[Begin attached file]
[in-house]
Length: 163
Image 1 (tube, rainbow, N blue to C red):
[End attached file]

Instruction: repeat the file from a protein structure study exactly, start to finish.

[in-house]
Length: 163
Image 1 (tube, rainbow, N blue to C red):